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Competition, Productivity Growth, and Structural Change

  • HORI Takeo
  • UCHINO Taisuke
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    Extending the endogenous growth model proposed by Young (1998), we construct a two-sector growth model that explains the observed pattern of structural change. Unlike existing studies, we assume neither non-homothetic preferences nor exogenous differential in productivity growth among different sectors. Our key assumption is that any two goods produced by firms in a sector are closer substitutes than those produced by firms in other sectors, which gives rise to an endogenous differential in productivity growth among different sectors. When the two composite goods are poor substitutes, the share of employment gradually shifts from the sector with a low markup to that with a high markup. To test the validity of the prediction of our model, we also estimate industry-level total factor productivity (TFP) growth and markup using Japanese firm-level panel data. The empirical results show a negative correlation between estimated markup and long-term TFP growth, and a positive correlation between the growth of industrial labor input and markup, which supports our theoretical results. Finally, in contrast to the previous studies of structural change that consider competitive economies, we study the socially optimal allocation and characterize the optimal tax policies.

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    Paper provided by Research Institute of Economy, Trade and Industry (RIETI) in its series Discussion papers with number 13041.

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    Length: 34 pages
    Date of creation: May 2013
    Date of revision:
    Handle: RePEc:eti:dpaper:13041
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    1. L. Rachel Ngai & Christopher A. Pissarides, 2007. "Structural Change in a Multisector Model of Growth," American Economic Review, American Economic Association, vol. 97(1), pages 429-443, March.
    2. KIYOTA Kozo, 2010. "Productivity, Markup, Scale Economies, and the Business Cycle: Estimates from firm-level panel data in Japan," Discussion papers 10040, Research Institute of Economy, Trade and Industry (RIETI).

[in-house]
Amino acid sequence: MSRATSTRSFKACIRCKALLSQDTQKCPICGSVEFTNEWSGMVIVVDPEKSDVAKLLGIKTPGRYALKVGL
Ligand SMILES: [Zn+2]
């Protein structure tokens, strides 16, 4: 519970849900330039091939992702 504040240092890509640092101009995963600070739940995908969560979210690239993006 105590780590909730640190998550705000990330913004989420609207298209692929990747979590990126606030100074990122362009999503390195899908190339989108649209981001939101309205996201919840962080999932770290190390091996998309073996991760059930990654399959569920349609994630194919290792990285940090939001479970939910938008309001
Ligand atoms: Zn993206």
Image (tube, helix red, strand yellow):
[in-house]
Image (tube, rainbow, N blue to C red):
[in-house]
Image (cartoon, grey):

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    8. Daron Acemoglu & Veronica Guerrieri, 2006. "Capital Deepening and Non-Balanced Economic Growth," NBER Working Papers 12475, National Bureau of Economic Research, Inc.
    9. Dolores Guilló, María & Papageorgiou, Chris & Perez-Sebastian, Fidel, 2011. "A unified theory of structural change," Journal of Economic Dynamics and Control, Elsevier, vol. 35(9), pages 1393-1404, September.
    10. Maroto-Sánchez, Andrés & Cuadrado-Roura, Juan R., 2009. "Is growth of services an obstacle to productivity growth? A comparative analysis," Structural Change and Economic Dynamics, Elsevier, vol. 20(4), pages 254-265, December.
    11. Dale W. Jorgenson & Marcel P. Timmer, 2011. "Structural Change in Advanced Nations: A New Set of Stylised Facts," Scandinavian Journal of Economics, Wiley Blackwell, vol. 113(1), pages 1-29, 03.
    12. Francisco J. Buera & Joseph P. Kaboski, 2009. "Can Traditional Theories of Structural Change Fit The Data?," Journal of the European Economic Association, MIT Press, vol. 7(2-3), pages 469-477, 04-05.
    13. Iscan Talan, 2010. "How Much Can Engel's Law and Baumol's Disease Explain the Rise of Service Employment in the United States?," The B.E. Journal of Macroeconomics, De Gruyter, vol. 10(1), pages 1-43, September.
    14. Foellmi, Reto & Zweimüller, Josef, 2008. "Structural change, Engel's consumption cycles and Kaldor's facts of economic growth," Journal of Monetary Economics, Elsevier, vol. 55(7), pages 1317-1328, October.
    15. Jan Fagerberg, 2000. "Technological Progress, Structural Change and Productivity Growth: A Comparative Study," Working Papers 5, Centre for Technology, Innovation and Culture, University of Oslo.
    16. Nishimura, Kiyohiko G. & Nakajima, Takanobu & Kiyota, Kozo, 2005. "Does the natural selection mechanism still work in severe recessions?: Examination of the Japanese economy in the 1990s," Journal of Economic Behavior & Organization, Elsevier, vol. 58(1), pages 53-78, September.
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